4. al-Ameda says:

    Someday, hopefully not in the near future (or even the distant future), a Republican may occupy the White House with a split Congress, and they have to hope that their bad behavior does not become the new normal for opposition politics.

    The GOP has upped the ante at every turn in the past 20 years. Someday Democrats will stop being doormats.

  5. Tony W says:

    To paraphrase the old SNL skit – Republicans are the 1970’s AT&T of politics – they don’t care because they don’t have to.

  6. C. Clavin says:

    ParkGHaziiiii!!!!!!

  7. Vast Variety says:

    I wonder what it would take for the Moderate Republicans to simply push out the Tea Party. Either that or form their own party.

  8. PJ says:

    @al-Ameda:

    Someday, hopefully not in the near future (or even the distant future), a Republican may occupy the White House with a split Congress, and they have to hope that their bad behavior does not become the new normal for opposition politics.

    Q: What happened the last time in 1921?
    A: The GOP winning a filibuster proof majority in the Senate.

  9. James Joyner says:

    I fear that the reason Congressional Republicans are growing more unpopular with rank-and-file Republicans is not because they’ve shut down the government but because they’re not winning. The base is unhappy, not because they’ve gone too far but because they haven’t gone far enough.

  10. al-Ameda says:

    @James Joyner:

    I fear that the reason Congressional Republicans are growing more unpopular with rank-and-file Republicans is not because they’ve shut down the government but because they’re not winning. The base is unhappy, not because they’ve gone too far but because they haven’t gone far enough.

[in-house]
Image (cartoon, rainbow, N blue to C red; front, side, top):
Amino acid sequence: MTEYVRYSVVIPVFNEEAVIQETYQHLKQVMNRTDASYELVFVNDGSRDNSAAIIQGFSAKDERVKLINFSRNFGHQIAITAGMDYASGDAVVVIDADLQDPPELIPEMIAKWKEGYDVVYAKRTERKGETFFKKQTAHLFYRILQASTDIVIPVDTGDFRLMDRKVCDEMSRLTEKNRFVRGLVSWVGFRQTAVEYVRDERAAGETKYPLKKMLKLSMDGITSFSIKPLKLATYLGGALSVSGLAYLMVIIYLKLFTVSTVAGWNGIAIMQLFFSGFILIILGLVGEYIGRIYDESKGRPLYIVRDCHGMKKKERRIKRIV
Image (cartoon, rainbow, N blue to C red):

Dead on, James

  11. gVOR08 says:

    @Vast Variety: My worst fear is that the “moderate” Republicans, i.e. the corporate elite, will jump to the Democrats. This will eventually leave us with a nut-case right Republican party and a center right Democratic party. And with Doug and James on the horns of a dilemma.

  12. C. Clavin says:

    “…The base is unhappy, not because they’ve gone too far but because they haven’t gone far enough…”

    Well…that….and the Parks.

  13. Ron Beasley says:

    @James Joyner: James, that makes it even more depressing.

  14. john personna says:

    @James Joyner:

    I fear that the reason Congressional Republicans are growing more unpopular with rank-and-file Republicans is not because they’ve shut down the government but because they’re not winning.

    That is an extremely pessimistic statement.

    We know there is a split between the Teas and the moderates (more or less), but if the rank and file are Teas … the party is doomed. It is the Tea Party from here on out.

    Get out now, while it is only too late, and not ridiculous.

  15. john personna says:

    ThinkProgress points to a recent Greenberg Quinlan Rosner analysis (pdf) which says that only 25% of Republicans are Teas.

    That pdf is worth checking out. Interesting bits on the break down of independents as well. Despite being a lifelong Republican, I seem to be an “independent leans-dem” these days.

  16. @James Joyner:

    Not an unfair point. But, that just leads to the fact that there are a whole host of Congressional (and Senate) Republicans, along with the talk radio/Tea Party/Freedomworks crowd that essentially led people down this path with the misrepresentation that their plan ever had a rational chance of succeeding.

  17. Grumpy Realist says:

    James, what would it take for you to switch parties?

    Until the Republicans are punished for their intransigence and lack of reality, they will continue to move towards more fanaticism.

    After all, “it can’t happen here…”

  18. john personna says:

    @Doug Mataconis:

    … that essentially led people down this path with the misrepresentation that their plan ever had a rational chance of succeeding.